Jez: There’s a couple of barriers. One is architecture. We talked about microservices and service-oriented architectures. I think a lot of times, typically in big companies, you’ve got hundreds or thousands of systems and they’re all tightly connected to each other. You have to push out these big orchestrated releases where you’ve got to change this thing, then you’ve got to make a change over here, and then you go to push a database change, and then you’ve got to roll this system forward, etc. And this idea that you should be able to push a single service — make a change and push it out without impacting the rest of the environment? That’s still very hard to do in a lot of places.

So people sometimes ask me, “How should I do orchestrated releases?” And my answer is, “You shouldn’t.” If you have a real service-oriented architecture, and certainly a microservice architecture, you shouldn’t need to do these very complex, orchestrated releases. So architecture is a big constraint.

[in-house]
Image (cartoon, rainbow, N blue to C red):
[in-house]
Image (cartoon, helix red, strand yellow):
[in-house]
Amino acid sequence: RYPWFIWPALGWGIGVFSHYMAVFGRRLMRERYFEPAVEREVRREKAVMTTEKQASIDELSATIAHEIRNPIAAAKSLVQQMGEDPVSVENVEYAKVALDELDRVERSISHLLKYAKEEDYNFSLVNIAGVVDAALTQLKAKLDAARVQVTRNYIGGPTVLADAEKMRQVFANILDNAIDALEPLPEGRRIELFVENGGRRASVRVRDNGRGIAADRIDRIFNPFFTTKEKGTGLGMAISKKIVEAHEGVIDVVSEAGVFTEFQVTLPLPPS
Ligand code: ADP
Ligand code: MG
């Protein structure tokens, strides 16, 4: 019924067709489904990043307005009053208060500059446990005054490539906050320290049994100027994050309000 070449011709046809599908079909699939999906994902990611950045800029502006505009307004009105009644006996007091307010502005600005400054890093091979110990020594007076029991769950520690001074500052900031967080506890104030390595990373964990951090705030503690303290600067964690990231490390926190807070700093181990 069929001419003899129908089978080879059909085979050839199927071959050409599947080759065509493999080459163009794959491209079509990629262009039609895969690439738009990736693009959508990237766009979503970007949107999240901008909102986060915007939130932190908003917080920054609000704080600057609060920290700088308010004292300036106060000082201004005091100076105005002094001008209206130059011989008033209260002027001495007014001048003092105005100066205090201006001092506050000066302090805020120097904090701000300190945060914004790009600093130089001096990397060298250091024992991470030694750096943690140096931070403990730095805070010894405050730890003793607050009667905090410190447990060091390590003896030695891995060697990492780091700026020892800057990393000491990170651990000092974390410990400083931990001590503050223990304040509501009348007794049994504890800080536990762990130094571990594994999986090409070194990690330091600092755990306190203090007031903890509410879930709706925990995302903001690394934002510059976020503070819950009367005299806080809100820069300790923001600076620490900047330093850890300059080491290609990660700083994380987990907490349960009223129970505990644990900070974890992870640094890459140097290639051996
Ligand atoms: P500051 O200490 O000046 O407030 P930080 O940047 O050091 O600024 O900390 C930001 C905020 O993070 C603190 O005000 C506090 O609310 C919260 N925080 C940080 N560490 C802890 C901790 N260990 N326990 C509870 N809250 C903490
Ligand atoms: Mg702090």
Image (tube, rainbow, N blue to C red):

The other major constraint is culture. A lot of organizations still have this very risk-averse culture where they don’t want to try new things. There are organizational silos. People fear a loss of control; they fear doing things in a different way. There’s a lot of “This is the way we’ve always done it.”

I’m interested to hear the extent to which you see those things as barriers to adoption of your tool.

Kimbre: Ironically, these actually speak to the benefits of using our tool. In terms of architecture, Split can be used as a phased release mechanism to helping people get through that barrier. One of our case studies talks about how we helped WePay migrate to microservices so that they could do releases in the way that they wanted to. They knew what needed to happen, but were unable to do so previously because of the way things were architected. So they use Split’s product to enable them to reliably, and more quickly migrate to microservices so that they could change their development process.

Being able to run experiments on our platform also helps with culture. When you can share experiment results across a team, and democratize that data, everyone feels connected to where the product is headed, and why. That helps with the culture aspect.